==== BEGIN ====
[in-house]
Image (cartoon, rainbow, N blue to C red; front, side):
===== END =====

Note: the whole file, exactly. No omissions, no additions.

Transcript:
[in-house]
Image (cartoon, rainbow, N blue to C red; front, side):